Mon | Jan 21, 2019

Solid Canada stands with Jamaica

Published:Sunday | September 28, 2014 | 12:00 AM

Gary Spaulding, Senior Gleaner Writer

After meeting with several government ministers in Jamaica last week, a delegation from Canada has expressed satisfaction with the state of the projects being undertaken by that country locally.

According to Robert Ready, the Canadian high commissioner to Jamaica, the initiatives - more than 30 - are aimed at assisting, among other things, Jamaica's economy as well as the justice-reform programme,

Ready, the high commissioner to Jamaica since September 13, told The Sunday Gleaner that while Canada is concerned with the high levels of alleged extrajudicial killings in Jamaica, the relationship between both countries has not been impaired.

Jamaica has been the beneficiary of approximately CND$65 million, or more than 10 per cent of CND$600 that is being used to finance projects throughout the English-speaking Caribbean over the last five years.

This contribution makes Canada, as an individual nation, the second-largest international grant donor to Jamaica behind the European Union that comprises many countries.

Ready said the CND$65 million in grants that have been used to fund projects in Jamaica do not include resources spent on assistance to the Jamaica Defence Force (JDF) and the Jamaica Constabulary Force (JCF)

The high commissioner said a range of issues was examined when the delegation met with the slate of ministers in Jamaica. He revealed that the delegation, which arrived in the island last week, met with Finance and Planning Minister Dr Peter Phillips; Justice Minister Senator Mark Golding; National Security Minister Peter Bunting; and Noel Arscott, the minister of local government and community development.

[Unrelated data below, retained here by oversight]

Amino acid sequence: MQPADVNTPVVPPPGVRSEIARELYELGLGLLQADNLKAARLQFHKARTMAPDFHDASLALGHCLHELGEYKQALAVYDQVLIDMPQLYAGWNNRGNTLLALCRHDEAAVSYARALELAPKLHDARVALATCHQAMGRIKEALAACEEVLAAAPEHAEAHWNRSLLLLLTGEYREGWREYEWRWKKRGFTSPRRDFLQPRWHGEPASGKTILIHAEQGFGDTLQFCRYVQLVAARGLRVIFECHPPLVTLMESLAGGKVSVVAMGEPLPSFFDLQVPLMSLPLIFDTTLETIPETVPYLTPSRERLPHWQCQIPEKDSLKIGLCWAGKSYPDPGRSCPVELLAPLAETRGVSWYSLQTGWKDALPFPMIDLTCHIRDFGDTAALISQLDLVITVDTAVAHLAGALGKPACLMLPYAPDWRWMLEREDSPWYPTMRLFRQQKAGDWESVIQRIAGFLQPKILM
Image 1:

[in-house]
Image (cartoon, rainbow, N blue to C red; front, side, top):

"We wanted to bring them up to date on the latest state of those projects. We wanted to get feedback from them and to talk about mutual priorities," said Ready. "So this was a good week for members of this development mission to come in and meet principals and operatives in Jamaica."

Ready pointed to a limp economy devoid of growth and troubling security and justice issues as priority areas for Jamaica.

"On the basis of our understanding of those priorities here in Jamaica, we deliver sustainable economic growth programming, as well as significant assistance to the justice-reform area.

"There is a sense in which a lot of Jamaicans feel that the justice system isn't as efficient in reaching determinations on both the civil and criminal sides and there are some reforms that would be desirable," said Ready.

CND$600m assistance

Ready said that Canada has, since 2007, delivered CND$600 million to the region to develop and provide assistance to the English-speaking Caribbean, including Jamaica.

"This regional programme consists of a number of projects that focus on three primary areas, namely, sustainable economic growth, security and justice-related initiatives, and disaster mitigation and preparation.

"We are probably halfway through the expenditure of the CND$600 million at this stage, so there is a number of years to run to the scheduled completion in 2019," he said.

The senior diplomat expressed confidence that both the umbrella programme and the individual ones are going very successfully, as Canada responds to what it understands to be the priorities of Caribbean states.

In order to ensure a high level of success, Ready said Canadian officials engage in consultations with the governments in the region to identify development needs.

"When we develop these sorts of programming we engage, we try to respond to them in the way we prioritise our programmes."